Archive for the 'Intermediate' Category

7-Imp’s 7 Kicks #665: Featuring Ashley Bryan

h1 Sunday, November 24th, 2019


Today I’ve got some spreads from one of my very favorite 2019 books — Ashley Bryan’s Infinite Hope: A Black Artist’s Journey from World War II to Peace (Atheneum/Caitlyn Dlouhy Books, October 2019). This is a 112-page picture book memoir that chronicles the award-winning author-illustrator’s (often harrowing) experiences in the segregated army of World War II (he was drafted in 1943 while an art student at Cooper Union) and, essentially, how his love of art got him through. This is the first time Bryan writes publicly of his war experiences and shares them with the wider world.

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Willow and Moon

h1 Tuesday, October 15th, 2019

Over at the Horn Book’s Calling Caldecott this morning, guest poster and librarian extraordinaire Alec Chunn writes about two graphic novels that I myself have read and liked this year. (In fact, he was the one who suggested I read the one pictured above-left.) The two books are Mai K. Nguyen’s Pilu of the Woods (Oni Press, April 2019) and Jen Wang’s Stargazing (First Second, September 2019).

I really like what he has to say about the two books, so I’m sending you in the direction of his post today. That is here.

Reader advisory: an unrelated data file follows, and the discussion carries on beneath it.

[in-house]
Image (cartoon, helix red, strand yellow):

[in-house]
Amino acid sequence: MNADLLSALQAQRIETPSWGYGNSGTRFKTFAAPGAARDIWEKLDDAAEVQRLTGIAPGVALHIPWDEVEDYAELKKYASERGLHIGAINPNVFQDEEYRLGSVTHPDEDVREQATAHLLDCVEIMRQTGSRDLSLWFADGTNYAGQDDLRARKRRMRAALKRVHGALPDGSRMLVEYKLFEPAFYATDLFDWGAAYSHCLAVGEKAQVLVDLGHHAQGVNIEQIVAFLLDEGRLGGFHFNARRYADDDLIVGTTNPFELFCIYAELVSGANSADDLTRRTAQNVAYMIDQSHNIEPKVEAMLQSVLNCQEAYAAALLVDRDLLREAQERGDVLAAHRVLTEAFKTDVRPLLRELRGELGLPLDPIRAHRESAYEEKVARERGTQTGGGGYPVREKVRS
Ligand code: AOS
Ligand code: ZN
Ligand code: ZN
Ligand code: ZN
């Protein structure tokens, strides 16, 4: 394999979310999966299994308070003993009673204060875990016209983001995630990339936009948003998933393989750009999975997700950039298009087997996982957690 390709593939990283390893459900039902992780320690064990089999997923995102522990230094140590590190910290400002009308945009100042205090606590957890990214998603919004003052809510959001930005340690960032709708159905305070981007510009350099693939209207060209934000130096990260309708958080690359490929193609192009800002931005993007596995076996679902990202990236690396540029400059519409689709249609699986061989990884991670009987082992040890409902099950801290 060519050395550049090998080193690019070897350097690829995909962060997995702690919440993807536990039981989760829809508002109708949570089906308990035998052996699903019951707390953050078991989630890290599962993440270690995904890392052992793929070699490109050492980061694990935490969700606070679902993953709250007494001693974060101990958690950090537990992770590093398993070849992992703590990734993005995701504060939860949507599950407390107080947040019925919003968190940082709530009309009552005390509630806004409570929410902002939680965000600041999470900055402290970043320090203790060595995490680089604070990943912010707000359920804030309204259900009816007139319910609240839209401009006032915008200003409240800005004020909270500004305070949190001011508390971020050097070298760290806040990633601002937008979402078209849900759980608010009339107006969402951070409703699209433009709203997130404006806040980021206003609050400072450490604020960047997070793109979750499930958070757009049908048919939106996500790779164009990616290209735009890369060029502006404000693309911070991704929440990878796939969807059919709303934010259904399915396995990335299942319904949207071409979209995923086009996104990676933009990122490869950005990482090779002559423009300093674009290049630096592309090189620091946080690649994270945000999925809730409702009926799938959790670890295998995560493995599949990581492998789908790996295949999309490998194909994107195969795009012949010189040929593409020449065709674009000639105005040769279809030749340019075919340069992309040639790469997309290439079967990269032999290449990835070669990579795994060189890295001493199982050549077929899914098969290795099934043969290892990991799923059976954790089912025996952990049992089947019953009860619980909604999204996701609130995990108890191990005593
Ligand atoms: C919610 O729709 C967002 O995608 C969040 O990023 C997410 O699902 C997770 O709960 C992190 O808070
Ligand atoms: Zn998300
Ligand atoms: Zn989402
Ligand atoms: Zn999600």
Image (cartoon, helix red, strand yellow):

“You know that book about a family who
eats breakfast in the shower and the mom
wears a dress that’s made out of live chickens?”

h1 Tuesday, September 24th, 2019



 
As I’ve made clear before here at 7-Imp, I’m a fan of Abby Hanlon’s Dory Fantasmagory books. I think Abby taps into something real (and often quite poignant) with these books; in the hands of a lesser author, Dory’s antics would be altogether cloying. But Abby seems to know how to write about childhood in a way I think is authentic. She depicts children as they are — in all their glorious weirdness, that is — and not in ways that an adult thinks they should be. (We see a lot of the latter in children’s books.) It’s hard to get books for this age right, and I think Abby gets it just right.

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Raina Telgemeier’s Guts

h1 Friday, September 13th, 2019



 

Hello! For just a moment anyway.

I’m sending you to the Horn Book’s site today for a review I wrote of Raina Telgemeier’s newest graphic novel for children, Guts (Graphix, September 2019). The review is here, and the book? It’s good stuff.

Until Sunday . . .

Sea Sirens

h1 Wednesday, June 12th, 2019

Over at Chapter 16, I’ve got a review of Amy Chu’s graphic novel, Sea Sirens (Viking, June 2019), illustrated by Nashville art Janet K. Lee.

That is here, and here today at 7-Imp are some spreads from the book.

Enjoy!

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What I’m Doing at Kirkus This Week,
Plus What I Did Last Week, Featuring Lorena Alvarez, Ivan Brunetti, and Mordicai Gerstein (and Others!)

h1 Friday, April 12th, 2019


— From Lorena Alvarez’s Hicotea


 

— From Mordicai Gerstein’s I Am Hermes!


 

— From Ivan Brunetti’s Comics: Easy as ABC!


 
At Kirkus today, I’ve got a visually rich new picture book about celebrating family.

That is here.

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Over at Kirkus last week, I wrote here about Lorena Alvarez’s Hicotea: A Nightlights Story (Nobrow, March 2019); Mordicai Gerstein’s I Am Hermes!: Mischief-Making Messenger of the Gods (Holiday House, April 2019), and Comics: Easy as ABC!: The Essential Guide to Comics for Kids (April 2019) from TOON Books and Ivan Brunetti (and other comics artists). Today, I’ve got some art from each book.